Film Review | The Danish Girl

Does Tom Hooper's Oscar-baiting transgender painter drama challenge or coddle?

Eddie Redmayne (centre) guns for the Oscar once again as he takes on the role of the pioneering transgender painter Einar Wegener, helped along by his long-suffering wife Gerda (Alicia Vikander, left)
Eddie Redmayne (centre) guns for the Oscar once again as he takes on the role of the pioneering transgender painter Einar Wegener, helped along by his long-suffering wife Gerda (Alicia Vikander, left)

Based on a novel that’s in turn loosely based on a striking episode in LGBTIQ history, The Danish Girl also marks the first time director Tom Hooper (The King’s Speech, Les Miserables) gets around to making a semi-decent drama that’s lush enough to keep your attention but narratively sparse enough to just about justify its critical and awards-attention.

But after all is said and done, is this multiple-Oscar nominated film about the pioneering between-the-wars transgender painter Einar Wegener simply yet another vessel for Eddie Redmayne (The Theory of Everything) to continue on his award-clutching warpath, and to cement Hooper as the reliable go-to option for sumptuous period dramas laced with ‘human interest’ sprinkling?

In Copenhagen in the early 1920s Danish artist, Gerda Wegener (Alicia Vikander), while struggling to establish herself independently of her own successful painter husband, Einar Wegener (Redmayne), encourages him to stand in for a truant female model for a portrait. This proves to be something of a turning point for Gerda’s art, as previously skittish art dealers start to finally give her time of day. But what starts off as a convenient career re-jig for Gerda ignites a far more significant spark for Einar.


Realising that he’s more at home being ‘Lili’ than Einar, he embarks on a journey that will ultimately result in him being one of the first people on the planet to undergo gender-reassignment surgery. But beyond the medical dangers of such a risky procedure, what Hooper’s film concentrates on is how Einar/Lili’s peculiar sexual identity weighs down on the central couple’s relationship.

However, the fact is that the story we’re seeing on our screens – and the same story that secured four Oscar nominations: two for its lead actors, another two for costume and production design – isn’t exactly an attempt at presenting unmediated fact. The script by Lucinda Coxon is based on the 2000 novel of the same name by David Ebershoff – a critically acclaimed but also openly fictionalized account of what happened between Lili and Gerda during those fateful years.

And though a lot of what we know about Lili comes from her autobiographical memoir, Man into Woman (which also however underwent an editorial process before being posthumously published in 1933), it is difficult to image that Coxon would not have taken substantial liberties with fact – or at least indulged a healthy amount of speculation – if Ebershoff hadn’t done it already.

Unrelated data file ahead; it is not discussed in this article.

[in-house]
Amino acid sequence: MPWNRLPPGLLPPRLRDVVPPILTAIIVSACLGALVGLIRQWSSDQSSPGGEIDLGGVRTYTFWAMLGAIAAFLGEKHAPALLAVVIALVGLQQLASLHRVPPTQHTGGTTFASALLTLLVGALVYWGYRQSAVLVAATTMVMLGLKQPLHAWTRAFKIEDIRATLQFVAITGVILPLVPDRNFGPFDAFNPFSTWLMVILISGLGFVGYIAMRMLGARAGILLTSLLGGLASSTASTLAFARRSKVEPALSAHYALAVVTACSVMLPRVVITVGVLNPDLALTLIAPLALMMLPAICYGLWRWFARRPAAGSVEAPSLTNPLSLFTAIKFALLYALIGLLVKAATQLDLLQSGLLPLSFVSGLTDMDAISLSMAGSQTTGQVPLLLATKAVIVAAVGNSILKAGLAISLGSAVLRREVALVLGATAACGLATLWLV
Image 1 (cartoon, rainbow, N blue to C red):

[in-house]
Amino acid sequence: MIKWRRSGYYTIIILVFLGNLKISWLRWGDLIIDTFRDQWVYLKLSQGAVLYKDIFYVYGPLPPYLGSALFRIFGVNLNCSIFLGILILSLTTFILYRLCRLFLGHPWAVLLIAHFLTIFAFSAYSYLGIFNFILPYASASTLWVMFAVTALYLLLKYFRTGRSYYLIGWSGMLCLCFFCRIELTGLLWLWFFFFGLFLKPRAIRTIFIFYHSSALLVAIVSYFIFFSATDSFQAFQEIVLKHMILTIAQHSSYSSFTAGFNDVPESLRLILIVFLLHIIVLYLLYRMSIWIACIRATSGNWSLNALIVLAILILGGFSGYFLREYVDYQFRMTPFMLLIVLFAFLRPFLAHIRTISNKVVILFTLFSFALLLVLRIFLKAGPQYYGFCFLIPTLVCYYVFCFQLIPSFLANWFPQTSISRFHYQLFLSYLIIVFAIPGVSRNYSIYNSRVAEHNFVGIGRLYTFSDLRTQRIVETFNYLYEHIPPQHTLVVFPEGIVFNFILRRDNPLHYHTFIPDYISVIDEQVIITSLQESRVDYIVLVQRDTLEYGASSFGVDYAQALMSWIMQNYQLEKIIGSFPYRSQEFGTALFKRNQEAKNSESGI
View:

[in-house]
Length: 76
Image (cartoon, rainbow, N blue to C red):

Because this is, above all, a film about a relationship... though it may seem equally invested in securing its position as a piece of bona fide heritage cinema for the ‘transgender movement’, as it is described in the explanatory captions at the end. As such, it’s a make-or-break deal that hinges on the strength of its actors, and true to how she’s positioned in the film, Vikander appears to be the one burdened with the harder job of it.

It may just be that Redmayne, in his second collaboration with Hooper after Les Miserables, is getting a bit too comfy in his role as the British it-boy of the hour.

Prior to the full transformation into Lili, we get to enjoy some good banter between the couple, and the ever-versatile Vikander – herself something of an androgynous presence – is instantly charming as the relaxed, bohemian partner to the superstar painter. She’s a ‘liberated woman’ who appears to be engaging in what emancipation should be all about – something Hollywood often forgets – which is the simple enjoyment of being whoever you want to be.

It’s because of this that her journey throughout the rest of the film is interesting to watch: Gerda struggles to reconcile her previously easy-going nature with steeling herself to confront what becomes a very real social and psychological problem.

Like Marion Cotillard in last year’s Macbeth, Vikander suddenly realizes, perhaps far too late, that she needs to tap into greater reserves of understanding than she may have in order to deal with this. Vikander meets this challenge with dignity and poise, and only goes melodramatic when she’s earned it.

It’s a shame that Vikander is, in fact, competing for the Best Supporting Actress Oscar and not the Leading one, if only because Redmayne doesn’t actually appear to be giving his A-game to a project that’s supposed to be all about consolidating his talents. Playing both Einar and Lili with stagey brittleness that grates when it’s support to inspire compassion and understanding, Redmayne can’t possibly carry the film on his own.

But The Danish Girl ultimately remains a triumph for Tom Hooper. He had a far too easy head-start with the crowd-pleasing The King’s Speech, and the interminable and shrill Les Miserables had him – almost literally – playing to the gallery of musical theatre fans. But nobody could ever fault his ability to get the best out of his costume, production design and cinematographic team, which is this time comprised of Paco Delgrado, Eve Stewart and Danny Cohen respectively.

His excesses pruned by a somewhat constricted and pruned-to-cliché story of an  unconventional relationship, we can enjoy the undeniably beautiful shots of both Copenhagen and Paris – with the occasional landscape scene that segues into an actual painting – as they happen. 

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